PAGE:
Marx Meets Maslow: the needs based public library
Edited by John Pateman and Joe Pateman
Most public libraries (80%) conform to the dominant paradigm of the Traditional Public Library, which can only meet the needs of around 20% of the community. These active library users – who tend to be white, middle class, female and over 55 years of age – use the library the most but need it the least.
As Open to All? The Public Library and Social Exclusion (2000) identified and the Working Together Project (2004-2008) demonstrated, the Traditional Library model must be replaced by a new paradigm – the Community Led Library – if the needs of most of the local community are to be met.
This proposal suggests that it is necessary to go beyond the Community Led model and develop Needs Based Libraries which are able to identify, prioritize and meet community needs. This asymptote will focus on those who use the library the least but need it the most, particularly those who have been oppressed because of their race, social class, gender, sexual orientation, age or ability.
The Base comprises the forces and relations of production into which people enter to produce the necessities and amenities of life. These relations determine society’s other relationships and ideas, which are described as its Superstructure.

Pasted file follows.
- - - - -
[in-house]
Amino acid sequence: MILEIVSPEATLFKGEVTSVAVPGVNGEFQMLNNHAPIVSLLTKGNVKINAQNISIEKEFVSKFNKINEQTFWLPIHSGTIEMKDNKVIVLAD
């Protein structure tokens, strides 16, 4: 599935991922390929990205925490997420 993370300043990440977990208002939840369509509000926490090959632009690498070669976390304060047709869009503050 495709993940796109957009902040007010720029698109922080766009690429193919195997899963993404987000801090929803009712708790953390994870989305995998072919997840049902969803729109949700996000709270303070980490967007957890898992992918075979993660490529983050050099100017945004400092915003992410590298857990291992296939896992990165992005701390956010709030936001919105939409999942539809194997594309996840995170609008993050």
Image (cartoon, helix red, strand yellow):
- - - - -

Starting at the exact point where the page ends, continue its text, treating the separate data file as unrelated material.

The Superstructure of a society includes its culture and ideology. The Base determines (shapes) the Superstructure, yet their relation is not strictly causal, because the Superstructure often influences (maintains) the Base; the influence of the Base, however, predominates.
If this concept is applied to the public library the Superstructure can be interpreted as the organizational Culture, and the Base as the Strategy, Structures and Systems. In this model the Base (Strategy, Structure, Systems) determines (conditions) the Superstructure (Culture). But their relation is not strictly causal, because the Superstructure (Culture) often influences the Base (Strategy, Structure, Systems); the influence of the Base (Strategy, Structure, Systems), however, predominates.
Maslow is also critical to an understanding of the Needs Based Library because he described human needs as ordered in a hierarchy from the most Basic or Physiological needs, right up to the need for Self Actualization. A lower level need would have to be mostly satisfied before someone would give their attention to the next highest need.
If this concept is applied to the public library it is clear that the library has historically focused on meeting the higher level needs – the Cognitive, Aesthetic and Self Actualization needs. The public library has not been so interested or involved in meeting the lower level needs – the Basic, Safety, Belonging and Esteem needs. Yet, as Maslow pointed out, until these needs are met, people cannot move up the hierarchy to meet their higher level needs. This helps to explain why public libraries are only actively used by 20% of the community. And this is where Marx meets Maslow.